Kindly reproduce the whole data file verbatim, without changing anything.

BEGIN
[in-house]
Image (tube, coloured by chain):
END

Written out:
[in-house]
Image (tube, coloured by chain):